Daniel is new to Nopharm, starting as head of the compliance team two weeks ago. He reports to Tony, but has yet to be able to schedule a meeting to discuss his plans with the very busy general counsel. Daniel has a decade of compliance experience in the pharmaceutical industry and is highly regarded. His critics sometimes view him as "too timid and agreeable" for the job.


The Research and Development Department at Nopharm, unlike the Senior Management Team, has been in place for some time, but it has struggled to produce new drugs and bring them successfully to the market. Its critics would say it has been in place "far too long" and that "new blood was needed." The Department is led by Dr. Sam Mills.

As Director of Research and Development and an Executive Vice President in the Company, Dr. Mills received his MD from Yale and his PhD from UCLA. He became Department Head in 1991. His long standing ties to the industry and his relationships with FDA have always been a benefit for the Company. As a result of his career long relationships with FDA staffers, Nopharm has enjoyed a somewhat unparalleled success in moving drugs through FDA. Oblivious to the "appearance of a conflict of interest," he entered into a collaborative relationship on a part time basis with FDA staffers in the late 1990s. This collaborative effort amounted to the creation of a new nonprofit entity focusing on drug safety, although the organization never received its formal tax exempt status before being abandoned by the parties. The subsequent fallout and OIG investigation left inconclusive results.

Dr. Mills has the reputation of seeing the big picture, but has little patience for "details." He has been a perennial "problem child" for corporate compliance efforts, usually being perceived as oblivious, rather than manipulative, towards regulatory requirements. Reaching the end of his career at Nopharm due to mandatory retirement age, he is burdened with guilt by his inability to revitalize the drug pipeline.

The one time heir apparent to Dr. Mills, Dr. Regina Saxe, joined Nopharm in 1990 and had worked closely with him for a number of years. She often dreamed of being appointed as Chief of the Research and Development Department upon Mills' departure or retirement. Despite early commitments from Mills to Dr. Saxe about her being his heir apparent, those promises were made less frequently and it now appeared to all that Dr. Mills had "forgotten" his pledge. Dr. Saxe is increasingly frustrated with what she views as the "glass ceiling" against which her career has bumped up against. Pragmatic, yet a scientist by training, she became convinced early on that Myphan had "no substitute." Her scientific judgment, some would say, had been impaired by her belief that Myphan would vault her to the top.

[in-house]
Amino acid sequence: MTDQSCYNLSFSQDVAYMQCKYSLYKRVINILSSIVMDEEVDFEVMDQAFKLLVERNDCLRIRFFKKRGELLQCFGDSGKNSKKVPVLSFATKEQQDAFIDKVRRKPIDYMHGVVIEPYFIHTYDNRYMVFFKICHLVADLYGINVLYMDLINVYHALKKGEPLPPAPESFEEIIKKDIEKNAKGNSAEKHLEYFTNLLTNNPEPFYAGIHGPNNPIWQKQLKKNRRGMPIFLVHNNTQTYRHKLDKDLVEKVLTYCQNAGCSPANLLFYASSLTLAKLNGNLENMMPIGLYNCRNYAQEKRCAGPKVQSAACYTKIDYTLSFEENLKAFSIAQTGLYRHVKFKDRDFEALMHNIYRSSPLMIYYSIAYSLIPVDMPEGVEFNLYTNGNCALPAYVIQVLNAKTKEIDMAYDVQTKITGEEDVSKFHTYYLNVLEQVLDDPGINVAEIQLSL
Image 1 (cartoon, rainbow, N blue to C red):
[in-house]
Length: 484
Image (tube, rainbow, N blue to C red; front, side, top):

Dr. Frank Amato came to Nopharm about the same time as Dr. Saxe, after finishing his training in Italy and after a short unsuccessful stint with a Swedish pharmaceutical manufacturer. Viewing himself as the "real brains" behind the Myphan pharmacological developments, he felt slighted both in the approval process and in the implementation of the subsequent FDA strategy. More of a skeptic of Myphan, he was disturbed by the clinical trials strategy implemented by the company and the "selective reporting" of clinical trials results. He has also been critical of Dr. Saxe's administration of the research advisory committees for Myphan. Barely disguising his concerns, Dr. Amato was heard to remark to other staffers that "these were marketing, not scientific committees" and that "the whole process of using the advisory committee strategy needed a complete top to bottom review." In many ways he hoped that, by questioning both Mills and Saxe's strategic initiatives, he could be seen as the "prudent visionary" in the best position to lead Clinical Research in the future by preserving its scientific integrity.

The initial clinical trials resulting in EU and FDA approval for Myphan seemed remarkably free of significant side effects. In fact, it was too good to be true. Soon after US launch, isolated reports from Nopharm's pharmacovigilence efforts reported some disturbing data. Patients receiving Myphan for treatment of diabetes were seemingly experiencing an increase in strokes. The frequency of these reports increased and soon Dr. Mills convened his R&D team with senior management to chart a course of action.

At that "all hands" meeting, Dr. Saxe revealed that she "noticed" some similar events in early clinical trials, but became convinced that these "anomalies" could be explained by not controlling for unmanaged hypertension. On further probing by Dr. Amato, Dr. Saxe admitted that she did not disclose these results either to the FDA or to the clinical trials registries used by Nopharm. Her justifications for non-disclosure were based on the concern that too much competitive and proprietary information might be revealed that would damage product launch.